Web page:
The first two Galileo satellites launched on 21 October are well into their early orbit preparation phase, spearheading the deployment of a global navigation satellite system essential to the success of the more advanced stages of the Single European Sky.
The two satellites and the complex ground support network integral to their operation are now entering the system's first validation phase, known as Galileo in-orbit validation (GIOVE). During this first phase, two more Galileo satellites will be launched in mid-2012 to join the two experimental satellites - GIOVE-A and GIOVE-B - in orbit.
The IOV is the first step in a staggered process leading to full operational capability, planned for 2019, when the complete 30-satellite constellation and a set of remote terrestrial stations distributed worldwide will start to deliver super-accurate navigation and timing co-ordination services to both aviation and surface users.
Meanwhile, initial services will be delivered by the four IOV satellites and, gradually, the 14 more that have already been ordered to date. These 18 Galileo satellites will be in space by about 2014.
The two newly-launched satellites are currently being prepared for useful operation. On 21 October, separation from the Soyuz launch vehicle started the "launch and early orbit phase" (LEOP). During LEOP, spacecraft carry out a series of automated and then terrestrially commanded actions, including deployment of solar arrays to obtain power, switching on communications and other systems, and setting initial configurations.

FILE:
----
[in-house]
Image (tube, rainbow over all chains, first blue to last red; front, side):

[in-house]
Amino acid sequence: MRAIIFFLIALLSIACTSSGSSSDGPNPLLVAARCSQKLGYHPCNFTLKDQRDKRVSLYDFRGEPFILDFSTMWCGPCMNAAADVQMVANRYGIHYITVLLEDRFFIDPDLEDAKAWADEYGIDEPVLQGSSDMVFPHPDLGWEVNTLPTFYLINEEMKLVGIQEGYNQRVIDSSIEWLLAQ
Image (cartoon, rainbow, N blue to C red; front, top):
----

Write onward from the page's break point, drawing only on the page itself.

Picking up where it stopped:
Programmed to take about seven days, the Galileo LEOP is overseen by a team of mission specialists from The European Space Agency and the French CNES, based at the Centre Spatial de Toulouse, which uses datalinks to the ground stations that communicate with the satellites.
They exercise mission control and monitor onboard systems, flight dynamics and telecommunications.
When LEOP is complete, the satellites will be handed over to the Oberpfaffenhofen Galileo Control Centre, operated by the DLR German Aerospace Centre, responsible for routine operations.
The GNSS functions for aviation and terrestrial users will be managed by the Fucino Control Centre, near Rome. Operated by Telespazio, Fucino was set up at the end of 2010 specifically for this purpose. Its responsibilities include generating navigation and integrity messages to embed within Galileo signals - essential to guarantee positioning, velocity and timing accuracy.
Eurocontrol, meanwhile, defines the aviation requirements Galileo must meet. The new GNSS constellation, along with existing ones such as GPS and Glonass, will be critical to provide precise positioning and timing information to synchronise ground systems, onboard equipment, communication networks and operations.
The agency explained: "It is a central enabler for multiple applications. It is a technical cornerstone for performance-based navigation and for the future automatic dependent surveillance - broadcast (ADS-B) surveillance systems.
"It will also be used as a precision navigation aid for landing, and for sense/detect-and-avoid systems for unmanned air vehicles."